“Just curious,” was my evasive answer. I was conflicted about the boy’s need for help versus his right to privacy. “I’ve seen him around and he seems like a nice kid,” I lied and left. But I continued to wonder about the boy’s emotional well-being.

Sometime later, as my teaching partner and I jogged with our students on the school’s track, we noticed a woman briskly walking on the oval. We saw her on subsequent walks, too. Eventually, we began acknowledging each other’s presence, nodding, smiling, even saying hi. Then, one Saturday while the teacher, who lived near the school, walked his dog on the track, the woman appeared and instigated a conversation.

“It was obvious,” my teaching partner told me, “she was taking advantage of our being alone and was flirting with me. She made it clear she was recently separated and was getting a divorce. I faked interest in her story, but kept thinking, ‘Lady, do you not see my wedding ring?’ And then she mentioned that her son, who attended our school, was struggling with the situation.” The teacher asked her son’s name, although he was certain he would not know him since we, as special ed staff, were often unfamiliar with most mainstream students.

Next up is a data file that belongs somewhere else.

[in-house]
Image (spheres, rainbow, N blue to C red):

“Mo,” the woman answered.

The synapses in my brain crackled. “Mo is the kid we saw crying in the hall,” I yelled. We realized in an instant why Mo had been so upset that day. He had just been told his parents were divorcing, that his family, and life as he knew it, was being torn apart.

I saw Mo many times between that day in his sophomore year and his graduation. He never acknowledged me, but instead made a point to avoid eye-contact. His actions made it clear that I could not ask the question aching in my heart, “Dude, are you OK?”

Mo probably has long forgotten me. But he, his pain, and my helplessness, have stayed with me through all these years. And now a piece of Mo has found its way into a novel I am writing, a book he likely never will read or know about. But maybe, through my fictional character, I finally will be able to let go of that haunting painful memory.